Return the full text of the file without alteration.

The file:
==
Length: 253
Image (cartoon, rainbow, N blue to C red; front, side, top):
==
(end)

Length: 253
Image (cartoon, rainbow, N blue to C red; front, side, top):